Nurses welcome report, and urge structural reform to speed up access to home and community care

TORONTO, March 12, 2015 /CNW/ - A report released today by the Ontario government outlines important functional changes to the existing home and community care system, but broader structural reform will be needed to strengthen timely access to these services for Ontarians, says the provincial association representing registered nurses, nurse practitioners, and nursing students.

The Registered Nurses' Association of Ontario (RNAO) welcomes the report from the Expert Group on Home and Community Care, chaired by nurse leader Gail Donner. The association applauds the Expert Group for recognizing the need to expand the publicly-funded "basket of services" in home and community care – from health promotion to end-of-life care. Nurses also urge government to substantially increase its investment to ensure these not-for-profit services are universally accessible to people in all corners of the province, says RNAO CEO Doris Grinspun.

"As nurses, we see tremendous positive steps in this report, and we want to ensure the focus remains on publicly funded, not-for-profit options," Grinspun says. "If this government is serious about fixing the system and providing care closer to home, it's time to take real action."

RNAO fully endorses an increased role for the Local Health Integration Networks (LHINs), as detailed in the report, allowing them to work directly with primary care providers to improve system alignment. However, the association cautions against the use of integrated funding models rooted in hospitals, and instead insists that home and community services be anchored in primary care.

While system restructuring was outside of its mandate, the Expert Group found that the current structure of home and community care isn't working. "Many told us that families have to deal with too many different agencies and that the current structure is cumbersome, has too much overlap, is not efficient and is not delivering the services they need," the report states.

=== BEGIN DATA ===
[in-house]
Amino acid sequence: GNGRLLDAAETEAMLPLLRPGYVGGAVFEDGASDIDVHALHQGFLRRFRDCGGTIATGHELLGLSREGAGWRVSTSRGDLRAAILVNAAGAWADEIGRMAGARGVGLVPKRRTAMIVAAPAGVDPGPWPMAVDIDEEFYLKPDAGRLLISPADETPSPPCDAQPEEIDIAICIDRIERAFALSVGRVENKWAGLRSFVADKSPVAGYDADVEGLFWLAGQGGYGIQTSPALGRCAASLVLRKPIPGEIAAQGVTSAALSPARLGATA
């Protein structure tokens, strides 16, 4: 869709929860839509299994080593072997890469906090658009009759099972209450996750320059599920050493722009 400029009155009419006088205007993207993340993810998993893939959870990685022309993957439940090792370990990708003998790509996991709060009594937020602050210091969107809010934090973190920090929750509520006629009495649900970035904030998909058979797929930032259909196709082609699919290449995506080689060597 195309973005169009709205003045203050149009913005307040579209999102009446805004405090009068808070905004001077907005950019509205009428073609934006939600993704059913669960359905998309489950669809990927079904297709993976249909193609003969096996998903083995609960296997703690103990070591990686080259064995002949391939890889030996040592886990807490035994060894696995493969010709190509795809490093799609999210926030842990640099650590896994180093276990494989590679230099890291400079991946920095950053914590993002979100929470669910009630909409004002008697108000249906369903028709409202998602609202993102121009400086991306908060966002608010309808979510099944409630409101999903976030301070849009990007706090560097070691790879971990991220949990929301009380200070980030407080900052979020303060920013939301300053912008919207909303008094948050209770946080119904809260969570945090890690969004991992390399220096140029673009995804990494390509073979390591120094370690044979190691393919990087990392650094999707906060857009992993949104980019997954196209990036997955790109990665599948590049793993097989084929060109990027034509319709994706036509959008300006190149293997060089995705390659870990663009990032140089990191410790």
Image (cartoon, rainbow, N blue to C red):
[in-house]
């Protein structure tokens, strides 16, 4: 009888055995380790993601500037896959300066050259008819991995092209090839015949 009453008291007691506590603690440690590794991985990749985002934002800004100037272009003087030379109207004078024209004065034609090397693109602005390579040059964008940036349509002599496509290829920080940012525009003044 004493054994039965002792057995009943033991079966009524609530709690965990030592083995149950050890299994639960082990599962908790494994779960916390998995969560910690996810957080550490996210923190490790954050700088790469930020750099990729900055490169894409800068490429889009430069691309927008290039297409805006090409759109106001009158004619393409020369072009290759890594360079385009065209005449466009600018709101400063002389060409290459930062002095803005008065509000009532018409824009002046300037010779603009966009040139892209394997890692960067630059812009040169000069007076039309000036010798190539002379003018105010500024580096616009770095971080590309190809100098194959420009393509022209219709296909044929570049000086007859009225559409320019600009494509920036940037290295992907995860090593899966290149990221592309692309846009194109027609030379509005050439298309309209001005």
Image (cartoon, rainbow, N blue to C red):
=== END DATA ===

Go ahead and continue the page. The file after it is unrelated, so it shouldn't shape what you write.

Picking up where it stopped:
In 2012, RNAO first introduced the Enhancing Community Care for Ontarians (ECCO) model which, if implemented, would streamline home and community care through transformative change. Using ECCO, RNAO made several recommendations to the Expert Group, including:

  • Root the system in primary care, and place a higher focus on health promotion, disease prevention, mental health, and chronic disease prevention and management
  • Enable LHINs to perform whole-system regional planning, funding, service agreements and accountability functions
  • Transition current Community Care Access Centre (CCAC) Care Co-ordinators – with their compensation fully intact – into hospitals as discharge coordinators, and into primary care as care coordinators for the most complex patients and to assist them with health system navigation
  • Eliminate CCACs, as they represent expensive structural duplication, and use more than $200 million currently spent on CCACs administration, to instead increase hours of direct home care for Ontarians 
  • Expand not-for profit and universal access to home health care

"Ontario's growing and aging population is set to become one of the defining health-care challenges of our time," says RNAO President Vanessa Burkoski. "Nurses have proposed a bold approach, which would allow Ontario to tackle this challenge by supporting people to age at home as vibrant members of our communities, and advancing a person-centred health system, while at the same time improving health and financial outcomes," adding that "now it's up to the government to act."

This year marks the Registered Nurses' Association of Ontario's (RNAO) 90th anniversary. RNAO is the professional association representing registered nurses, nurse practitioners, and nursing students in Ontario. Since 1925, RNAO has advocated for healthy public policy, promoted excellence in nursing practice, increased nurses' contribution to shaping the health-care system, and influenced decisions that affect nurses and the public they serve. For more information about RNAO, visit our website at or follow us on Facebook and Twitter.

SOURCE Registered Nurses' Association of Ontario

For further information: Daniel Punch, Editorial assistant, RNAO, Tel: 416-408-5610 / 1-800-268-7199, ext. 211,


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